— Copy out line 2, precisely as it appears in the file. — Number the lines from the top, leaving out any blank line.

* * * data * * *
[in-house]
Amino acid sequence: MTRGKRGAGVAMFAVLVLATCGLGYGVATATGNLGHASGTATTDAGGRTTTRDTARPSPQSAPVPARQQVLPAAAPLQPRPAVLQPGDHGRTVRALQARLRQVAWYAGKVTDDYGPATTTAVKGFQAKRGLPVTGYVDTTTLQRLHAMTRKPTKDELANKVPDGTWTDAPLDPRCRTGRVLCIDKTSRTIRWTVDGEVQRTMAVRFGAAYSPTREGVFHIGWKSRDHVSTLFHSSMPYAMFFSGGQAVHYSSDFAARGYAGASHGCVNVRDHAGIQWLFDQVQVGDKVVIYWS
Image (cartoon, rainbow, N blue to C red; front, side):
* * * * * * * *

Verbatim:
Amino acid sequence: MTRGKRGAGVAMFAVLVLATCGLGYGVATATGNLGHASGTATTDAGGRTTTRDTARPSPQSAPVPARQQVLPAAAPLQPRPAVLQPGDHGRTVRALQARLRQVAWYAGKVTDDYGPATTTAVKGFQAKRGLPVTGYVDTTTLQRLHAMTRKPTKDELANKVPDGTWTDAPLDPRCRTGRVLCIDKTSRTIRWTVDGEVQRTMAVRFGAAYSPTREGVFHIGWKSRDHVSTLFHSSMPYAMFFSGGQAVHYSSDFAARGYAGASHGCVNVRDHAGIQWLFDQVQVGDKVVIYWS